I've been reading this paper on a major data analysis error - see below.
ABSTRACT We re-analyzed the data from a recent large-scale study that reported strong correlations between DNA signatures of microbial organisms and 33 different cancer types and that created machine-learning predictors with near-perfect accuracy at distinguishing among cancers. We found at least two fundamental flaws in the reported data and in the methods: (i) errors in the genome database and the associated computational methods led to millions of false-positive findings of bacterial reads across all samples, largely because most of the sequences identified as bacteria were instead human; and (ii) errors in the transformation of the raw data created an artificial signature, even for microbes with no reads detected, tagging each tumor type with a distinct signal that the machine-learning programs then used to create an apparently accurate classifier. Each of these problems invalidates the results, leading to the conclusion that the microbiome-based classifiers for identifying cancer presented in the study are entirely wrong. These flaws have subsequently affected more than a dozen additional published studies that used the same data and whose results are likely invalid as well.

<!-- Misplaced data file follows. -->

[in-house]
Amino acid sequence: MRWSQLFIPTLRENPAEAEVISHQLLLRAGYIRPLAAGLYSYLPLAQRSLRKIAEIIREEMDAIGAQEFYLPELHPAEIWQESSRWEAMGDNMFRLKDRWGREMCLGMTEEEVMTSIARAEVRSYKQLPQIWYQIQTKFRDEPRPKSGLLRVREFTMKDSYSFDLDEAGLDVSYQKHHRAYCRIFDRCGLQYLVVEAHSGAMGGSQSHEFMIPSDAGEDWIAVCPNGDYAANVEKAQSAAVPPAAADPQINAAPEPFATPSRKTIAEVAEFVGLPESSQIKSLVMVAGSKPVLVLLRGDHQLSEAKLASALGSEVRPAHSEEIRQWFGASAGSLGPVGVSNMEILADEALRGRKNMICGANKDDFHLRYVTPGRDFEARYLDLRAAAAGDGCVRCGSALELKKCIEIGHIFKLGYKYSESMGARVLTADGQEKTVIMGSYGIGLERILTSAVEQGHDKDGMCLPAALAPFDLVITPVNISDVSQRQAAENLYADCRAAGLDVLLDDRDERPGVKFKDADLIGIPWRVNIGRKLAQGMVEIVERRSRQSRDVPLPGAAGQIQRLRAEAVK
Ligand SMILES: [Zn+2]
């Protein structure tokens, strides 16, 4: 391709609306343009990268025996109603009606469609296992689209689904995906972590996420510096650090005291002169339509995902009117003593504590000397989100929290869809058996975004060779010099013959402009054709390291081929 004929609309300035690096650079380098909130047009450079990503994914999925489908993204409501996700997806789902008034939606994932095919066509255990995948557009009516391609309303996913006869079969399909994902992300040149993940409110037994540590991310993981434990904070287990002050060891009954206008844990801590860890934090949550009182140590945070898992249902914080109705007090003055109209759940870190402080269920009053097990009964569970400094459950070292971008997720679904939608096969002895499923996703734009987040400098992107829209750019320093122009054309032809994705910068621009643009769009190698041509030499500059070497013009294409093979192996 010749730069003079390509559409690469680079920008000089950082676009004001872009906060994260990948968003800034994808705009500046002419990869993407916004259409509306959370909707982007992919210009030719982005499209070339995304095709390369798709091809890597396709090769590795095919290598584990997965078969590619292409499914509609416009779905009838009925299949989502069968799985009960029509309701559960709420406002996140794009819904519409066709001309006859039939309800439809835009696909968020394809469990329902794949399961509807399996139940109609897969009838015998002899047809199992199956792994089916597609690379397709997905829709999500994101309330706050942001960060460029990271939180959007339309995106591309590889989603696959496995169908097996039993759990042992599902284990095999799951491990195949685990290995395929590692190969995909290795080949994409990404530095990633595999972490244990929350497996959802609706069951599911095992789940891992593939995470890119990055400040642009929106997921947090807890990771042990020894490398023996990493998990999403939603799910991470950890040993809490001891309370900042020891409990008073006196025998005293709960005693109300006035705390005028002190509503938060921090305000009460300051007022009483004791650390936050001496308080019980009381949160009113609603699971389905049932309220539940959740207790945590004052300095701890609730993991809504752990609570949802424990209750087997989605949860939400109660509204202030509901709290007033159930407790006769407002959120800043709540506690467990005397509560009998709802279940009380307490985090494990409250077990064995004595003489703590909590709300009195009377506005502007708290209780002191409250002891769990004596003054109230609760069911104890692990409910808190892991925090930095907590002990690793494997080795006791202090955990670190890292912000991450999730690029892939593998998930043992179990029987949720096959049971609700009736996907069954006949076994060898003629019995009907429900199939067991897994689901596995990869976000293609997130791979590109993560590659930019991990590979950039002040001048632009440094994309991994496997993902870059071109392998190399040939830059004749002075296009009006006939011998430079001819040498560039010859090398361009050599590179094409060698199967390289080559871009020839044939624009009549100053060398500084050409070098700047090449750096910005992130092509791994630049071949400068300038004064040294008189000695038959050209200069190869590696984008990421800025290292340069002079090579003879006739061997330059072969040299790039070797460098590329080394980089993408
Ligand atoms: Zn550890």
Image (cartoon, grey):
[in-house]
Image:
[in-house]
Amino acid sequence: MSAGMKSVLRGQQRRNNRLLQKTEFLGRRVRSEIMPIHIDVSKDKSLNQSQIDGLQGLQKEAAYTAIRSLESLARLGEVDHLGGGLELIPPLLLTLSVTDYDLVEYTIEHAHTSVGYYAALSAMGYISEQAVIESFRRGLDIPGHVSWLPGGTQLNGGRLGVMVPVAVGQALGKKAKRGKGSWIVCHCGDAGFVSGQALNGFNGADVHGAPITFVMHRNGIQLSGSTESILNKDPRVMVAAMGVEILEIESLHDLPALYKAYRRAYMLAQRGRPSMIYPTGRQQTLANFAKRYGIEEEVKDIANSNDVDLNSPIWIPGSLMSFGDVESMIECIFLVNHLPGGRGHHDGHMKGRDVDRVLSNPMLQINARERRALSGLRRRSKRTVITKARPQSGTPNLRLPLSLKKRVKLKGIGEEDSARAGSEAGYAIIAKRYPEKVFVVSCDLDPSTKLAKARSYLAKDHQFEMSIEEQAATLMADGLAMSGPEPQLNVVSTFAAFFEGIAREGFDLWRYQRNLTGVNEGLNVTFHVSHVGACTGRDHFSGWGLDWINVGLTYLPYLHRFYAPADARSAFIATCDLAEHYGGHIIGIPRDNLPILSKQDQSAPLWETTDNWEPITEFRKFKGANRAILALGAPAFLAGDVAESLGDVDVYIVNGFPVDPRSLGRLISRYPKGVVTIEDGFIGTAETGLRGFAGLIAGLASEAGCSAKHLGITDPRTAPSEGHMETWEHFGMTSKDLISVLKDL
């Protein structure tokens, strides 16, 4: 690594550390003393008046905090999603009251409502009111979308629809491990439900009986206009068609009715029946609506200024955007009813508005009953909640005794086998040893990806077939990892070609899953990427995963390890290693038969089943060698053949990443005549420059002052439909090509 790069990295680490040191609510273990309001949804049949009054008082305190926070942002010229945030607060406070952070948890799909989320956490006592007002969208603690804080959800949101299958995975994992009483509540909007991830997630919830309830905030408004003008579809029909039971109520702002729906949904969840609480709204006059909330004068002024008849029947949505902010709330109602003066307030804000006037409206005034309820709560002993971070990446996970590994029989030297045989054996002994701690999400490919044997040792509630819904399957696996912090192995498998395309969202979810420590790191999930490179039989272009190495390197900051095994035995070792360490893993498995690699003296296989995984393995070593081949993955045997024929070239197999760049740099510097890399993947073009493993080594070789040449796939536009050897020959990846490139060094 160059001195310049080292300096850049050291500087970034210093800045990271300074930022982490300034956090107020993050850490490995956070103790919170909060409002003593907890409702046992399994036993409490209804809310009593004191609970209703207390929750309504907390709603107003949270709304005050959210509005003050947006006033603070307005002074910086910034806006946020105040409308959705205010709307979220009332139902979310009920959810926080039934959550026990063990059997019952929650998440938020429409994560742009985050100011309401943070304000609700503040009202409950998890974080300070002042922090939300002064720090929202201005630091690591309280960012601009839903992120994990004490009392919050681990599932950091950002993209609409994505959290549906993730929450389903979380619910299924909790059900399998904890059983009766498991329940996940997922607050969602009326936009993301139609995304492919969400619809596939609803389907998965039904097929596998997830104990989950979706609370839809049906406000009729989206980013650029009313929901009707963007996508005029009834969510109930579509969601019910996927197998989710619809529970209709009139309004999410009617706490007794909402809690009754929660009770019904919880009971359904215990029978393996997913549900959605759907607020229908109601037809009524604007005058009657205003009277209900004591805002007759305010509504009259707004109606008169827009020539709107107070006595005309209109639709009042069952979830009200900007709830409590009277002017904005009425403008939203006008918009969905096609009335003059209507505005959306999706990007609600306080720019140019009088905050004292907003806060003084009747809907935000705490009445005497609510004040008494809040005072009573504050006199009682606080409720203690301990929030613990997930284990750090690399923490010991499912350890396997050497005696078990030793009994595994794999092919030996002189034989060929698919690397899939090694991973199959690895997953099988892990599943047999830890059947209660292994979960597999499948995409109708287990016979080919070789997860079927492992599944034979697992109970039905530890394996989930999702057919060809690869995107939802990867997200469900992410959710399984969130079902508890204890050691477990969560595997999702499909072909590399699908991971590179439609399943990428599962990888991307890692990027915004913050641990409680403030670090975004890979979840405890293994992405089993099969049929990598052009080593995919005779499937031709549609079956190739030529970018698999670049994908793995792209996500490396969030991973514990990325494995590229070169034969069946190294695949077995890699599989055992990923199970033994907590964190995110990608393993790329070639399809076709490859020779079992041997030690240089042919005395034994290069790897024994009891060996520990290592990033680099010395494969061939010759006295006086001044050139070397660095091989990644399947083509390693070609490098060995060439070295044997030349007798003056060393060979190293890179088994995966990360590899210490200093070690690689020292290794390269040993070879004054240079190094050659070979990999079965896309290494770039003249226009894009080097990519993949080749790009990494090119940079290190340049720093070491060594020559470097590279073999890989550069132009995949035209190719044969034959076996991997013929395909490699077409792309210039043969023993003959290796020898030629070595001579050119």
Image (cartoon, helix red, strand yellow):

What are some steps that folks take to make sure this doesn't happen in their labs? Does anyone have any good best practices on automated tests or team management techniques they take?